Meniscus Injuries: How To Avoid Them

What is one of the most common sports injuries that involves no contact with another person?  If you’re thinking about knees you’re on the right track. Plant, twist, pop are the unfortunate series of events that is typically a meniscus tear.

Any sport with running and quick changes of direction lead to risk of this type injury. These games are always fast paced and rigorous, requiring you to pivot at any moment.  Common examples of these are football, soccer, lacrosse, tennis, and basketball.  Imperatively, you need speed, agility, and strength to excel.  It’s always heart wrenching when we see your favorite pro athlete or friend out of the game due to injury.  We want to keep all of our muscles firing properly and evenly to try and protect our joints at all costs. Prevention is the name of the game at all times. When it comes to the knees, which muscles are important to keep working properly?  This week we are focusing on what a meniscus is, what muscles help support the knee to avoid this type of injury, and a few exercises that will keep you strong.

What Is The Meniscus

The meniscus is a small barrier that sits between your shin and femur or thigh bone.  It consists of 2 small c shaped pieces of cartilage that sit where the bones would be touching. Because it’s cartilage, the meniscus provides stability yet a certain amount of flexibility and absorption that bone wouldn’t allow for.  If you think of the sole of your sneaker and how it absorbs a little bit when you step on it, it’s similar to that. 

This cushion can tear in many different ways.  It can be split width or lengthwise and have small or large tears.  For minor injuries, ice and rest can be enough to allow healing.  In more severe cases surgery is needed to repair the tear.  Either way it isn’t fun. 

Image of the front of the knee featuring the meniscus
Image from

Moving Properly

Plant. Twist. Pop. This series of events can happen so quickly while you’re moving around the field or court.  Any forceful and sudden twist while bearing full weight on the leg can finish by injury.  To avoid this we want to make sure we are moving well.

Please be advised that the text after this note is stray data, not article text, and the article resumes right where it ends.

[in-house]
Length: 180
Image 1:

Ideally we want the lower and upper leg to move together.  Our entire foot should not be stuck to the ground.  What I mean by this is that we don’t want the lower leg, tibia, either staying stationary or going one way, and then the upper leg, femur and hip, to go in the opposite direction.  To achieve this, we need to be sure our foot is moving together with our leg.  Your weight either needs to shift forward to the ball, or back to the heel of your foot.  This weight transfer allows your entire leg to move in the same direction as one.  This movement goes all the way through the hip.

What Muscles Protect the Knee

Notice how I mention your hip!  Hip instability is one of the greatest contributors to meniscus tears.  Common causes of instability are from the glute either not being strong enough, repetitive motions, or due to experiencing some kind of trauma.  With your glute not firing properly, it allows your knee to track improperly.  This improper tracking can cause any number of problems, but for this game it typically leads to a meniscus tear.

A classic exercise that is great for getting your glutes strong and to fire well is the side leg lifts.  Dr. Chloe takes us through important aspects of this exercise like where your leg should be positioned and how to keep your stability.

Hip instability an issue?  There is often a gap between when you finished your physical therapy to getting you back to your 100%.  We have a program just for that!  Check out our MDRx Hip program.  It has 4 weeks of progressive programming to get you back to doing what you love pain free!

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